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London loves The Producers

London loves The Producers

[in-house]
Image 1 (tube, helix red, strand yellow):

Broadway star Nathan Lane won a thunderous ovation on Tuesday when he stepped in at the last moment to replace Hollywood veteran Richard Dreyfuss in the London premiere of the hit musical The Producers. The British, normally much more reserved than Broadway audiences, went wild for Lane, who created the role and made it his own in New York, where the show won 12 Tony awards. But there was high drama in the lead-up to opening night. Dreyfuss, star of Jaws and Close Encounters of the Third Kind, was compelled by injury to pull out last month, forcing writer Mel Brooks to plead with Lane to reprise his role. After the rapturous reception by the first-night audience, Brooks told them, "So much for British reserve; you people should be arrested for disorderly conduct." Lane, who has agreed to step in until January, said, "It was unexpected. It was like being awoken in the middle of the night and told 'Come on, you have to do The Producers again.' It was like the actor's nightmare." In New York, Lane costarred with Matthew Broderick. In London he shares top billing with British comedian Lee Evans. "Matthew was very jealous that I was coming over here to save the day," Lane told Reuters Television. The two will be reunited when the musical is made into a movie next year. Shooting starts in February. The stage show is based on the 1968 Brooks movie, which told the tale of two producers putting on the outrageous musical Springtime for Hitler, conceived as a deliberate flop to allow them to take the backers' cash and flee. Dreyfuss's abrupt departure sparked media speculation that he was not up to the job, and the Hollywood veteran had joked during rehearsals that his body was suffering in the demanding role. But Brooks sprang to his defense, telling Reuters, "Richard Dreyfuss was terrific.... The work was too strenuous. He went to work too soon. He was in agony." Political correctness has never stopped Brooks before. He has thanked Adolf Hitler for inspiring his greatest hit but told Jews not to worry, assuring them that The Producers is a joke. So what is the next boundary of bad taste to be crossed? "I might do the Blair-Bush Follies," he said. "I think it would be a wonderful revue. I think it would be very funny... If they do the parts, we would make a fortune."

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